Skyrocketing drug costs subject of new legislation

HARRISBURG, Jan. 13 -- One-in-two Pennsylvanians struggle to afford health care -- and with continued federal inaction -- state House Democrats unveiled a bill Monday that would have life-saving implications around the state.

Inspired in part by a Pennsylvania woman’s ordeal in securing affordable insulin for her partner -- an ordeal that involved resorting to black market purchases and the kindness of friends overseas -- and recent news events of profiteers charging exorbitant prices for life-saving medicines, the lawmakers’ bill would set limits that lower what Pennsylvanians pay for medically necessary drugs.

“After seeing the price of life-saving medication skyrocket in recent years, this bill would provide oversight for pharmaceutical companies,” said state Rep. Perry Warren, D-Bucks. “The amount of money in your bank account should not determine whether you receive a readily available medication you need to live, yet that has become an everyday reality for too many Pennsylvanians. This legislation would ultimately save lives.”

When people struggle with healthcare costs, data shows that they make healthcare decisions based on what’s in their wallets instead of their doctors’ recommendations. A 2019 survey by the Pennsylvania Health Access Network showed that Pennsylvania families have been forced to take actions that jeopardize their health, such as delaying care (29%), avoiding getting care altogether (21%), skipping a test or treatment (24%), failing to fill a prescription (19%), or cutting pills in half or skipping doses (17%).

“It is immoral that in our nation, the richest on the planet, our friends and neighbors regularly skip medication or resort to extreme measures to ensure they can afford critical medications,” said state Rep. Dan Frankel, D-Allegheny, who unveiled the legislation Monday with state Rep. Austin Davis, D-Allegheny. “Pharmaceutical companies should not be allowed to set their own prices without any oversight. That experiment has already failed, and Pennsylvanians have been forced to endure the consequences of policies that put profit over public health.”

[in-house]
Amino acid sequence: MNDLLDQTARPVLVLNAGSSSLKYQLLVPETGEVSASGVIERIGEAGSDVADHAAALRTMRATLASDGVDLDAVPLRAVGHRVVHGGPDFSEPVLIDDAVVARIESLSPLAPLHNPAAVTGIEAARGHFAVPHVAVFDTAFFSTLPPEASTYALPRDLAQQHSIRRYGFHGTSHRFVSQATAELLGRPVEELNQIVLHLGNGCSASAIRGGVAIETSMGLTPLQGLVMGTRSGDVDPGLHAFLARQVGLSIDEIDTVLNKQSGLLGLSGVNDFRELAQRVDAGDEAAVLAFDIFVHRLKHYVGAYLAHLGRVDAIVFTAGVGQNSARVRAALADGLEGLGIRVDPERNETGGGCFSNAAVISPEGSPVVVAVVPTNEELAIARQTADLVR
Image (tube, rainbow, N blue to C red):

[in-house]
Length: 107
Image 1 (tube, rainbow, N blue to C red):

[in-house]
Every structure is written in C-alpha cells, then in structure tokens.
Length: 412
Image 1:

Davis added: “When Pennsylvanians aren’t filling their much-needed medications due to cost, there’s a major problem. Having to decide whether or not to fill a prescription shouldn’t even be an option, but continually raising the price of prescription drugs for some of our most vulnerable citizens is something my colleagues and I won’t stand by.”

In addition to creating a mechanism to lower drug prices, the legislation would create a pathway to drug importation in the event a drug company refuses to sell medication at the purchasing limit. Drug importation legislation has passed and is being implemented in Maine, Florida, Colorado, and Vermont.

"Pennsylvanians are struggling to afford the prescription drugs they need, often cutting pills in half, skipping doses, leaving unfilled prescriptions at the pharmacy, or choosing between medications and necessities like food, rent, or utilities,” said Antoinette Kraus, director of the Pennsylvania Health Access Network. “We applaud Representatives Frankel and Davis for taking quick, decisive action to establish an affordability board. We urge Pennsylvania's General Assembly to move swiftly to pass this groundbreaking bill that would give both lawmakers and the public greater insight into how drugs are priced and create a mechanism to reduce what Pennsylvanians pay for their medications."